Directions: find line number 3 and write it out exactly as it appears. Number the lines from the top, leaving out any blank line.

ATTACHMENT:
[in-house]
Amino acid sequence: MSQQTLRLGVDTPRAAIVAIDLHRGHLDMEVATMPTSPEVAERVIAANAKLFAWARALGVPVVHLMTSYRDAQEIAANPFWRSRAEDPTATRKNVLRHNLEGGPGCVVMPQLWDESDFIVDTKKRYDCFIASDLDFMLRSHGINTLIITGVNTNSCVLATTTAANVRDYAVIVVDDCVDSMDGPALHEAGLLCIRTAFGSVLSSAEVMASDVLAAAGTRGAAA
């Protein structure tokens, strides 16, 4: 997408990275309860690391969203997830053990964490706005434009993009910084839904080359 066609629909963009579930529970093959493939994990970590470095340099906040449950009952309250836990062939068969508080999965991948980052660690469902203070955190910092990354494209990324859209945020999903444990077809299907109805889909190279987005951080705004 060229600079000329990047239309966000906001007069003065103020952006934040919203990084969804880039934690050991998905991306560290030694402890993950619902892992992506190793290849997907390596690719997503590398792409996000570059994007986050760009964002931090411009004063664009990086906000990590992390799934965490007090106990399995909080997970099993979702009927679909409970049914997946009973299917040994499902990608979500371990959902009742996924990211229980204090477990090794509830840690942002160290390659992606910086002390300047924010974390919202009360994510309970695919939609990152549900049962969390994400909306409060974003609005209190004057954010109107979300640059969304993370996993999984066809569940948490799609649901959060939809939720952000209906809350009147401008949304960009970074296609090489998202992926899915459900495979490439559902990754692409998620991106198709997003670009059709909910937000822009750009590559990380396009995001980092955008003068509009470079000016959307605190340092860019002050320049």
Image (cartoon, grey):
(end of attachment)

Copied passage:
């Protein structure tokens, strides 16, 4: 997408990275309860690391969203997830053990964490706005434009993009910084839904080359 066609629909963009579930529970093959493939994990970590470095340099906040449950009952309250836990062939068969508080999965991948980052660690469902203070955190910092990354494209990324859209945020999903444990077809299907109805889909190279987005951080705004 060229600079000329990047239309966000906001007069003065103020952006934040919203990084969804880039934690050991998905991306560290030694402890993950619902892992992506190793290849997907390596690719997503590398792409996000570059994007986050760009964002931090411009004063664009990086906000990590992390799934965490007090106990399995909080997970099993979702009927679909409970049914997946009973299917040994499902990608979500371990959902009742996924990211229980204090477990090794509830840690942002160290390659992606910086002390300047924010974390919202009360994510309970695919939609990152549900049962969390994400909306409060974003609005209190004057954010109107979300640059969304993370996993999984066809569940948490799609649901959060939809939720952000209906809350009147401008949304960009970074296609090489998202992926899915459900495979490439559902990754692409998620991106198709997003670009059709909910937000822009750009590559990380396009995001980092955008003068509009470079000016959307605190340092860019002050320049």